Heat exhaustion is more common but rarely requires a hospital visit. Heat exhaustion is less dangerous than heatstroke, but it can progress to heatstroke if left untreated. Heat exhaustion is caused by fluid loss which, in turn, causes blood flow to decrease to vital organs, resulting in a form of shock. As a result of dehydration, victims often complain of flu-like symptoms hours after exposure. Symptoms include dizziness, nausea, fatigue, headaches and low blood pressure.

Doctors advise drinking more fluids, especially fresh juices, which can help replenish the body’s electrolytes.

Those susceptible to heat exhaustion and stroke are children, the elderly, those with high blood pressure, and those exercising and working outdoors.

The risk of heat-related illnesses and disorders can be reduced if proper precautions are taken, and overheating and dehydration are avoided.


Regular joggers can still go on with their exercises early morning or evening when the sun is not up to avoid heat exhaustion and dehydration.

A very practical way of cooling dwelling places without air-conditioning unit is recommended by Dr Ravi Kanth, specialist physician of Aster Medical Center. “Close your windows and curtains to keep inside temperature as cool as possible. When it is cooler outside in the evening, open your windows and curtains to be able to get cross ventilation and to reduce the heat. Keep electric fans on to help balance your body temperature.”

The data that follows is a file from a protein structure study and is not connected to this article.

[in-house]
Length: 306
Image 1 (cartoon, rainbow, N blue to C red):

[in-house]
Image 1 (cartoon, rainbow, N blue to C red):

He says that it is a common mistake for people to make and keep handmade fans. It is not appropriate, for it consumes body energy and increases the core body temperature. “This should not be done. But, you can keep your body cooler by drinking extra water, at least ten glasses of water throughout 24 hours daily eventhough you are not thirsty.”

Good body hydration can be had by drinking fresh fruit juices like pineapple, oranges, apples and cucumber. “Juices from these fruits can help hydrate the body with natural water and vitamins.”

The best way to keep one’s body cool is to stay indoor and in cool places. “Do not go outside between 12.30pm and 3.30pm because the sun is at its peak and the heat is maximum,” Dr Kanth says.



Some Dos and Don'ts


Wear loose-fitting, light-weight clothing which supports evaporation of sweat and avoids hyperthermia

Stay inside as much as possible. Minimise the heat and sun exposure. Take advantage of air-conditioning

Drink plenty of liquids like water, natural juices or sport drinks, to replace fluid lost from sweating. Even if you are not thirsty, drink at least three litres that work out to 10 to 12 glasses of water everyday during summer.

Avoid intense physical activity, especially in high temperature environments and under direct sun exposure

Try to rest as much as possible and get sufficient sleep at night

Eat salty meals in summer to replace salt lost in sweat, but avoid eating heavy meals


Underestimate the seriousness of heat-related emergencies, especially in children or the elderly

Give medications to reduce fever (i.e. aspirin); they may cause further harm

Give victims salt tablets

Overlook possible complications from other medical problems

Give victims liquids containing alcohol or caffeine — they interfere with the body’s ability to control temperature

Give the victim anything through mouth if heat stroke is suspected

(As recommended by Dr A. Nigam, MBBS, MD (Medicine), Senior Specialist, Internal Medicine, RAK Hospital)